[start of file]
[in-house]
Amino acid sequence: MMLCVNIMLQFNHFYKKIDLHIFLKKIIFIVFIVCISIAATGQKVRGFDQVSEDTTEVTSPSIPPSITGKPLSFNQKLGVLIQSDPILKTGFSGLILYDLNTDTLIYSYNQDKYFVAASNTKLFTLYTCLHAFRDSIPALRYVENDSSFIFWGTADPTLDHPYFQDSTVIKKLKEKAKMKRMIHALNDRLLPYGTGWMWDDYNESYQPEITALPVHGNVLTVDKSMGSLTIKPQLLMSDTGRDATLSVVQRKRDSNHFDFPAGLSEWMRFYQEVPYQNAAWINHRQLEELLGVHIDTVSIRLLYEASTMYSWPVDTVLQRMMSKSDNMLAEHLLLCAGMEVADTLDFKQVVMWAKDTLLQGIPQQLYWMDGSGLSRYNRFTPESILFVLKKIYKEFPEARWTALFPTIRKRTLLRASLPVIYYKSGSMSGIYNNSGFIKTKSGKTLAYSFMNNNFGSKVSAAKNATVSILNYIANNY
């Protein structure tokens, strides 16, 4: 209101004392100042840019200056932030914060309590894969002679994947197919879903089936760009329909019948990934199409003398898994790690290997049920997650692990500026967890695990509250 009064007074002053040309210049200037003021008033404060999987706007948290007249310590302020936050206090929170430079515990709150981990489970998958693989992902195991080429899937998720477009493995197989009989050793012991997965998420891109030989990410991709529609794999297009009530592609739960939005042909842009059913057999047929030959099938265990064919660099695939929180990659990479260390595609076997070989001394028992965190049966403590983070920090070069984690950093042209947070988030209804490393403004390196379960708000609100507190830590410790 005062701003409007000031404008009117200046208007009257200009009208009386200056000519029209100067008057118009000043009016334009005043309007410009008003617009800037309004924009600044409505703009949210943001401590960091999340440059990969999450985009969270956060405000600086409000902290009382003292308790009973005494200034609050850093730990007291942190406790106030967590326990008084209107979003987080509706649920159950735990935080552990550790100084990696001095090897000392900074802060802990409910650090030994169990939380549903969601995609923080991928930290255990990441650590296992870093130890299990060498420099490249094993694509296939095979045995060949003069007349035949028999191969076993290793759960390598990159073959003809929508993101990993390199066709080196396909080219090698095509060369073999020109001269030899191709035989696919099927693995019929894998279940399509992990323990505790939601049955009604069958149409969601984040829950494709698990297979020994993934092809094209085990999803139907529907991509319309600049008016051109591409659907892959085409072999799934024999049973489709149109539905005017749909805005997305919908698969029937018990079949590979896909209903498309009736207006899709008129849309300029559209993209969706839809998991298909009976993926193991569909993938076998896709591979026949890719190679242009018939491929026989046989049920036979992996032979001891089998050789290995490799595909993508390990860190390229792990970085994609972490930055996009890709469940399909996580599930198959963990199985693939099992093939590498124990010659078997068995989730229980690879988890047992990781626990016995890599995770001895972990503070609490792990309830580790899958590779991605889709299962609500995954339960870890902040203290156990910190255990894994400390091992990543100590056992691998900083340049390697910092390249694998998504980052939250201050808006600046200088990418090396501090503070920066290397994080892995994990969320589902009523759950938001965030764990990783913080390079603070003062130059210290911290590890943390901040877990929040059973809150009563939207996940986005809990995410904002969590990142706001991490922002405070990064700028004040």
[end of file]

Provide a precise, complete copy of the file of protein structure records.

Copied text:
[in-house]
Amino acid sequence: MMLCVNIMLQFNHFYKKIDLHIFLKKIIFIVFIVCISIAATGQKVRGFDQVSEDTTEVTSPSIPPSITGKPLSFNQKLGVLIQSDPILKTGFSGLILYDLNTDTLIYSYNQDKYFVAASNTKLFTLYTCLHAFRDSIPALRYVENDSSFIFWGTADPTLDHPYFQDSTVIKKLKEKAKMKRMIHALNDRLLPYGTGWMWDDYNESYQPEITALPVHGNVLTVDKSMGSLTIKPQLLMSDTGRDATLSVVQRKRDSNHFDFPAGLSEWMRFYQEVPYQNAAWINHRQLEELLGVHIDTVSIRLLYEASTMYSWPVDTVLQRMMSKSDNMLAEHLLLCAGMEVADTLDFKQVVMWAKDTLLQGIPQQLYWMDGSGLSRYNRFTPESILFVLKKIYKEFPEARWTALFPTIRKRTLLRASLPVIYYKSGSMSGIYNNSGFIKTKSGKTLAYSFMNNNFGSKVSAAKNATVSILNYIANNY
């Protein structure tokens, strides 16, 4: 209101004392100042840019200056932030914060309590894969002679994947197919879903089936760009329909019948990934199409003398898994790690290997049920997650692990500026967890695990509250 009064007074002053040309210049200037003021008033404060999987706007948290007249310590302020936050206090929170430079515990709150981990489970998958693989992902195991080429899937998720477009493995197989009989050793012991997965998420891109030989990410991709529609794999297009009530592609739960939005042909842009059913057999047929030959099938265990064919660099695939929180990659990479260390595609076997070989001394028992965190049966403590983070920090070069984690950093042209947070988030209804490393403004390196379960708000609100507190830590410790 005062701003409007000031404008009117200046208007009257200009009208009386200056000519029209100067008057118009000043009016334009005043309007410009008003617009800037309004924009600044409505703009949210943001401590960091999340440059990969999450985009969270956060405000600086409000902290009382003292308790009973005494200034609050850093730990007291942190406790106030967590326990008084209107979003987080509706649920159950735990935080552990550790100084990696001095090897000392900074802060802990409910650090030994169990939380549903969601995609923080991928930290255990990441650590296992870093130890299990060498420099490249094993694509296939095979045995060949003069007349035949028999191969076993290793759960390598990159073959003809929508993101990993390199066709080196396909080219090698095509060369073999020109001269030899191709035989696919099927693995019929894998279940399509992990323990505790939601049955009604069958149409969601984040829950494709698990297979020994993934092809094209085990999803139907529907991509319309600049008016051109591409659907892959085409072999799934024999049973489709149109539905005017749909805005997305919908698969029937018990079949590979896909209903498309009736207006899709008129849309300029559209993209969706839809998991298909009976993926193991569909993938076998896709591979026949890719190679242009018939491929026989046989049920036979992996032979001891089998050789290995490799595909993508390990860190390229792990970085994609972490930055996009890709469940399909996580599930198959963990199985693939099992093939590498124990010659078997068995989730229980690879988890047992990781626990016995890599995770001895972990503070609490792990309830580790899958590779991605889709299962609500995954339960870890902040203290156990910190255990894994400390091992990543100590056992691998900083340049390697910092390249694998998504980052939250201050808006600046200088990418090396501090503070920066290397994080892995994990969320589902009523759950938001965030764990990783913080390079603070003062130059210290911290590890943390901040877990929040059973809150009563939207996940986005809990995410904002969590990142706001991490922002405070990064700028004040």